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Can you let house rabbits out in the garden?


Can you let house rabbits out in the garden?
This article contains: petplan rabbit behaviour

As the days get longer and the nights get lighter, it’s tempting to let your house rabbit into your garden to enjoy some sunshine and outdoor fun.

But is this change of scenery a good idea for your pet?

Petplan takes a looks at whether you should let your house rabbit into your garden during the warmer months...

Can temperature changes affect your rabbit?

Rabbits do not do well with extreme changes in temperature.

In the wild, their burrows remain at a constant temperature throughout the year.

They regulate their body temperature by growing a thinner or thicker coat, making it difficult to move frequently between indoors and outdoors.

Unlike humans, rabbits cannot sweat and they cool down by expanding the blood vessels in their ears.

One way of identifying whether your rabbit is too hot or too cold is by feeling the temperature of their ears. Ideally, they should feel warm to touch rather than hot or cold

During warmer seasons, it’s important that you help your bunny beat the heat and keep them cool and healthy as the temperature rises.

The ideal outdoor temperature for rabbits is between 12° to 21°C but anything above that can lead to them feeling uncomfortable and, in temperatures above 30°C, they risk getting heat stroke.

How to make your garden safe for your rabbit

You’re not the only one who enjoys the sunshine. When the frosts are over, you can let your bunny outside to play in the sun and exercise.

However, there are a few things to consider when taking your bunny outside:

  • Ensure that there are no pesticides or weed-killers in the garden, both of which are extremely harmful to rabbits
  • Keep your bunny clear from dogs, birds, foxes and other creatures that could potentially harm or frighten them
  • Your bunny can suffer from heat stress, look out for signs of heat stroke and help keep your bunny cool
  • Avoid plants that may be poisonous to your rabbit such as holly, ivy, oak leaves and plants that grow from bulbs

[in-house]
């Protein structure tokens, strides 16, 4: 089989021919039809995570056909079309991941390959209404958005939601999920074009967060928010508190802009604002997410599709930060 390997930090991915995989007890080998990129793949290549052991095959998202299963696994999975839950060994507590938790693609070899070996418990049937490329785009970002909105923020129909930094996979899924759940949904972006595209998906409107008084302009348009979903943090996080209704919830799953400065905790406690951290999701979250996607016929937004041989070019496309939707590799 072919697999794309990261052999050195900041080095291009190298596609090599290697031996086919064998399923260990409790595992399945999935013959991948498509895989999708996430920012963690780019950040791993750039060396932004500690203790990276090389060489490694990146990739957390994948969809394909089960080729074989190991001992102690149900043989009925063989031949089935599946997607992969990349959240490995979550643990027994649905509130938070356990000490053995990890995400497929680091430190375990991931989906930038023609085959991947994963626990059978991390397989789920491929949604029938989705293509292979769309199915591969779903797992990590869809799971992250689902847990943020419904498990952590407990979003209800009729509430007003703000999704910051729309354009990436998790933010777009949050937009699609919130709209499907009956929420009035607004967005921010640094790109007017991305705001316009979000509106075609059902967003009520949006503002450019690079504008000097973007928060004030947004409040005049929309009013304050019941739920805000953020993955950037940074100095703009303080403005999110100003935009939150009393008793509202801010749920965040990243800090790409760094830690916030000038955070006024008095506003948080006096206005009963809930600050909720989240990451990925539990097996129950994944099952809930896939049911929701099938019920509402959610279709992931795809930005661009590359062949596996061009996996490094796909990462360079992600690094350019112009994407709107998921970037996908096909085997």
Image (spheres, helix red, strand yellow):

• Check your bunny for ticks and other bugs after being outside

It’s also important that your bunny has a fresh supply of water at all times, especially during summer months when they need to stay hydrated and cool down.

 Creating an outdoor rabbit run

If you want to leave your bunny outside for longer periods of time, it’s highly recommended that you invest in a rabbit run.

This involves creating an outdoor environment that has four walls with a top and bottom.

The bottom will keep your bunny from digging his/her way out, and the top will provide shade and keep airborne predators out.

You can buy a ready-made one from most good pet shops although you can also make your own.

The sides can be made of thick welded wire that is not wide enough for your bunny to get out or for predators to get in.

Alternatively, you can use custom wire storage cubes and zip ties. This is an inexpensive way to construct a rabbit run, and you can easily customise the area and shape of the run.

Outdoor accommodation makes it easier for your bunny to get regular exercise, without you having to constantly watch over them.

Of course, ensure you make the run as safe as possible for your rabbit and watch out for any sharp edges and avoid using any unsuitable materials.

The outdoors can provide a wonderful, enjoyable experience for your bunny – as long as you take the proper precautions to keep your rabbit safe.

Do you have a house rabbit? Do you have any advice for taking your bunny outdoors? Let us know in the comments below…

 


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rabbits.life
Also, it's better to avoid shocking his body on a hot day. Changing the temperature, by putting him, over him or over his ears cold water it's strictly forbidden.
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